Activity Theory Notes

Engestrom, Y. (1999). Activity theory and individual social transformation. In Y. Engestrom, R. Miettinen, and R. Punamaki (Eds.), Perspectives on activity theory (pp. 19-38). Cambridge, UK: Cambridge University Press.

  • “Human activity is endlessly multifaceted, mobile, and rich in variations of content and form (p. 20).”
  • Historical roots of activity theory originated from Marxism followed by Vygotsky and other Russian psychologists.
  • “The traditional division between social sciences and psychology has created the still prevalent dichotomous notion according to which humans are controlled either from the outside by society or from the inside by themselves (p. 29).”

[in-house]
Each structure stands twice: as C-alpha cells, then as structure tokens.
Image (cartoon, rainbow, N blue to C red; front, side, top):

• Activity occurs in a social context and such communicative processes should be included, understood, and analyzed as part of the activity system.
  • Apprenticeship requires the novice to learn the activity through training and socialization not solely through observation and reflection but rather through the experience of the actualization of the activity.
  • “In this sense, it might be useful to try to look at the society more as a multilayered network of interconnected activity systems and less as a pyramid of rigid structures dependent on a single center of power (p. 36).”